After a summer of intense drought, Helotes Creek hardly holds a puddle. But Grey Forest residents Susan Beavin and Jenn Nottingham say just a couple of years ago it was full of clear, rushing water.
“We swam all summer,” Beavin said, while leading a walk down a nature trail along the creek in northwest Bexar County.
If national developer Lennar Homes has its way, the residents say, the creek will someday flow constantly — with treated wastewater from a plant built to serve its proposed 2,900-home subdivision in Helotes Canyon. Swimming could remain a memory.
The Miami-based homebuilder recently applied for a permit from the Texas Commission on Environmental Quality that would allow it to discharge 1 million gallons of treated wastewater into Helotes Creek every single day.
Treated wastewater today is cleaner than it was a generation ago, and some rivers, including the San Antonio River, benefit from the addition. SAWS discharges enough treated wastewater into its namesake river to keep it flowing all the way to the coast, even during drought.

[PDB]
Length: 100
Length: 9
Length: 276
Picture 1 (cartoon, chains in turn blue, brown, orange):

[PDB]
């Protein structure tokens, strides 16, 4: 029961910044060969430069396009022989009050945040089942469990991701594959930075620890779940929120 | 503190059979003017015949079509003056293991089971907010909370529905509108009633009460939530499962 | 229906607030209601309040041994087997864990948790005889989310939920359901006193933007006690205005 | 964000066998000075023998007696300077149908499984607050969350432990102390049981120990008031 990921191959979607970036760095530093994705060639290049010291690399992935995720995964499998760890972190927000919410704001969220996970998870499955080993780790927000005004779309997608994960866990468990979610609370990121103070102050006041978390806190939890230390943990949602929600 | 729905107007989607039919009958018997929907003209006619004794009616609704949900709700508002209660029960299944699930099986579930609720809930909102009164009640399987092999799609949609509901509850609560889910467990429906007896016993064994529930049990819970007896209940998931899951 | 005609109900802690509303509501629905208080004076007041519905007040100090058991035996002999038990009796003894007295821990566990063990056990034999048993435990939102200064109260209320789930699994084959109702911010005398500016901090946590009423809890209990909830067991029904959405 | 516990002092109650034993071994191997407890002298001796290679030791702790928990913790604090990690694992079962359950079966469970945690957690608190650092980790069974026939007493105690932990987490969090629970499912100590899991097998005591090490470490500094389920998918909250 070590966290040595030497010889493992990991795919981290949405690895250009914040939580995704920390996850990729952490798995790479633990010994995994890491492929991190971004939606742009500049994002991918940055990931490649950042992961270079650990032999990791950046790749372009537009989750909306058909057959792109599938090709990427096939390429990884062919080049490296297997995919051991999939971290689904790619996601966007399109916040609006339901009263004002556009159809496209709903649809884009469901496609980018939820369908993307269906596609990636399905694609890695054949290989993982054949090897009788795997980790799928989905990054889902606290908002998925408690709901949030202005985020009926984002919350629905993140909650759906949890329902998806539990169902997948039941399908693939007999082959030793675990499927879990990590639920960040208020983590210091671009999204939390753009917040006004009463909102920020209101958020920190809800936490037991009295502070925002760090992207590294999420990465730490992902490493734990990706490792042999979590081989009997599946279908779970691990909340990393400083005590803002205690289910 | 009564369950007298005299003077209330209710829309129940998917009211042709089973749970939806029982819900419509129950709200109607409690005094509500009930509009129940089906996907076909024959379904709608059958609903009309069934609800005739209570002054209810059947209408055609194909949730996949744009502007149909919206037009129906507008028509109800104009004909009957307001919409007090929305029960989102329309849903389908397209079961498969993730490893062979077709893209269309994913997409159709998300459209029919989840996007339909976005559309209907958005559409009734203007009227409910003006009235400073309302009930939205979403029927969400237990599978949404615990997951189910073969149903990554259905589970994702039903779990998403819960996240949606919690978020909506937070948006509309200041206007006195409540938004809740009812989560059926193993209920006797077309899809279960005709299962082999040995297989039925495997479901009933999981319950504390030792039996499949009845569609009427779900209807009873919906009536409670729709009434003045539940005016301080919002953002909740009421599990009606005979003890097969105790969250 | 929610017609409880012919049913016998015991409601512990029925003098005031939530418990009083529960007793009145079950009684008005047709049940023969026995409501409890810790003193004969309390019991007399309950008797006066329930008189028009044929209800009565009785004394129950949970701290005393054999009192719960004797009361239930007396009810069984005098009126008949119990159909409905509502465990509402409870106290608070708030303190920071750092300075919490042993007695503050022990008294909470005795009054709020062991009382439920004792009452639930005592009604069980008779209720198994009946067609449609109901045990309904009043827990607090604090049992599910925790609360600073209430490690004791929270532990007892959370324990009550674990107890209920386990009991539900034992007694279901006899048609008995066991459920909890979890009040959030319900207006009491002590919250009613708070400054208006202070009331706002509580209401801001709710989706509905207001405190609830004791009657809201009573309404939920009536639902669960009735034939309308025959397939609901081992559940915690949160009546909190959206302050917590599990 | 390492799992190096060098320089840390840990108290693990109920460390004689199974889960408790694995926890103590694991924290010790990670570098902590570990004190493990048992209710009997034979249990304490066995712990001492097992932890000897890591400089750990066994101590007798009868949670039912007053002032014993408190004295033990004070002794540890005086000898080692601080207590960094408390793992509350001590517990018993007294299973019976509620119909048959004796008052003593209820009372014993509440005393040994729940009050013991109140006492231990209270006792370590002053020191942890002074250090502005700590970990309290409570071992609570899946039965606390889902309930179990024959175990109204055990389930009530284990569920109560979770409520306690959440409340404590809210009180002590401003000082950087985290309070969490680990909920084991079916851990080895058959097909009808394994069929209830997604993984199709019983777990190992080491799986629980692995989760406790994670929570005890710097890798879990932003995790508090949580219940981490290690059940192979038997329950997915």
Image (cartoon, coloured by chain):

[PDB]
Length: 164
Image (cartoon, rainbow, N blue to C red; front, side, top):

But you can’t drink treated wastewater, and you can’t swim in the San Antonio River.
Because Helotes Creek runs over the Edwards Aquifer contributing zone, residents worry about the quality of the water treatment, and whether it, along with increased stormwater runoff from the development itself, could negatively impact the aquifer’s water quality.
Lennar Homes, they say, already has a muddy record when it comes to environmental stewardship in the Hill Country, citing an agreement affecting a Bulverde development the homebuilder violated.
A Lennar Homes representative said via email that the company declined to comment.
Also because of the company’s track record, residents say they worry Lennar will not abide by concessions it negotiated with the San Antonio Water System, designed to reduce the environmental impact of the development.
They also fear that if TCEQ grants this permit, other homebuilders could seek to build wastewater treatment plants that discharge into area creeks, increasing the likelihood of flooding in Helotes Canyon and further risking the purity of the aquifer.
And while residents have little faith in Lennar, they have even less in TCEQ’s willingness to hold this homebuilder or others to account.